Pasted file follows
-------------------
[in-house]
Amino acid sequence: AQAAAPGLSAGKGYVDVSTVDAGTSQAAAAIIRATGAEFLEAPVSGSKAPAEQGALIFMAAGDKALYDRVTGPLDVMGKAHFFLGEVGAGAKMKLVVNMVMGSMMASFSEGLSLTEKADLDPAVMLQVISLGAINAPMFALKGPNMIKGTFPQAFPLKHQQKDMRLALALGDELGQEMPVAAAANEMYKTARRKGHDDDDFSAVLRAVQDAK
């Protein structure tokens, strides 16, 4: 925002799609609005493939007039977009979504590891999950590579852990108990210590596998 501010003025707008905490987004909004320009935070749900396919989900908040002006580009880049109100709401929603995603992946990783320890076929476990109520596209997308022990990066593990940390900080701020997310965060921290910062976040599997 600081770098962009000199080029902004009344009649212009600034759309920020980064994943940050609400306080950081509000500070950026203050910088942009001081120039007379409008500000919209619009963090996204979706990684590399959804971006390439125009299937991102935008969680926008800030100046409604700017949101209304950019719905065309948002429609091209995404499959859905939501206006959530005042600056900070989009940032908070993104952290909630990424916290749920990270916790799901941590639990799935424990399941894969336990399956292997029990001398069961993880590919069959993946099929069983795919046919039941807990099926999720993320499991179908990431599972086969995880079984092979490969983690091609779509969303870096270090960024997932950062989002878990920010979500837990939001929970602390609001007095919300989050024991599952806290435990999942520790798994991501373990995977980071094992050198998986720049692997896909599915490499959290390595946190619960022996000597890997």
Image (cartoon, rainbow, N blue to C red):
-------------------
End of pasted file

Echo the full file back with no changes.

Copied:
[in-house]
Amino acid sequence: AQAAAPGLSAGKGYVDVSTVDAGTSQAAAAIIRATGAEFLEAPVSGSKAPAEQGALIFMAAGDKALYDRVTGPLDVMGKAHFFLGEVGAGAKMKLVVNMVMGSMMASFSEGLSLTEKADLDPAVMLQVISLGAINAPMFALKGPNMIKGTFPQAFPLKHQQKDMRLALALGDELGQEMPVAAAANEMYKTARRKGHDDDDFSAVLRAVQDAK
């Protein structure tokens, strides 16, 4: 925002799609609005493939007039977009979504590891999950590579852990108990210590596998 501010003025707008905490987004909004320009935070749900396919989900908040002006580009880049109100709401929603995603992946990783320890076929476990109520596209997308022990990066593990940390900080701020997310965060921290910062976040599997 600081770098962009000199080029902004009344009649212009600034759309920020980064994943940050609400306080950081509000500070950026203050910088942009001081120039007379409008500000919209619009963090996204979706990684590399959804971006390439125009299937991102935008969680926008800030100046409604700017949101209304950019719905065309948002429609091209995404499959859905939501206006959530005042600056900070989009940032908070993104952290909630990424916290749920990270916790799901941590639990799935424990399941894969336990399956292997029990001398069961993880590919069959993946099929069983795919046919039941807990099926999720993320499991179908990431599972086969995880079984092979490969983690091609779509969303870096270090960024997932950062989002878990920010979500837990939001929970602390609001007095919300989050024991599952806290435990999942520790798994991501373990995977980071094992050198998986720049692997896909599915490499959290390595946190619960022996000597890997």
Image (cartoon, rainbow, N blue to C red):